Daily Archives: Aug 21, 2017

Researchers at The Ohio State University Wexner Medical Center and Ohio State’s College of Engineering have developed a new technology, Tissue Nanotransfection (TNT), that can generate any cell type of interest for treatment within the patient’s own body. This technology may be used to repair injured tissue or restore function of aging tissue, including organs, blood vessels and nerve cells.

Results of the regenerative medicine study published in the journal Nature Nanotechnology.

“By using our novel nanochip technology, injured or compromised organs can be replaced. We have shown that skin is a fertile land where we can grow the elements of any organ that is declining,” said Dr. Chandan Sen, director of Ohio State’s Center for Regenerative Medicine & Cell Based Therapies, who co-led the study with L. James Lee, professor of chemical and biomolecular engineering with Ohio State’s College of Engineering in collaboration with Ohio State’s Nanoscale Science and Engineering Center.

Researchers studied mice and pigs in these experiments. In the study, researchers were able to reprogram skin cells to become vascular cells in badly injured legs that lacked blood flow. Within one week, active blood vessels appeared in the injured leg, and by the second week, the leg was saved. In lab tests, this technology was also shown to reprogram skin cells in the live body into nerve cells that were injected into brain-injured mice to help them recover from stroke.

“This is difficult to imagine, but it is achievable, successfully working about 98 percent of the time. With this technology, we can convert skin cells into elements of any organ with just one touch. This process only takes less than a second and is non-invasive, and then you’re off. The chip does not stay with you, and the reprogramming of the cell starts. Our technology keeps the cells in the body under immune surveillance, so immune suppression is not necessary,” said Sen, who also is executive director of Ohio State’s Comprehensive Wound Center.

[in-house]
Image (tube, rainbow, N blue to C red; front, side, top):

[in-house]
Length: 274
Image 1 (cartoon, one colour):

TNT technology has two major components: First is a nanotechnology-based chip designed to deliver cargo to adult cells in the live body. Second is the design of specific biological cargo for cell conversion. This cargo, when delivered using the chip, converts an adult cell from one type to another, said first author Daniel Gallego-Perez, an assistant professor of biomedical engineering and general surgery who also was a postdoctoral researcher in both Sen’s and Lee’s laboratories.

TNT doesn’t require any laboratory-based procedures and may be implemented at the point of care. The procedure is also non-invasive. The cargo is delivered by zapping the device with a small electrical charge that’s barely felt by the patient.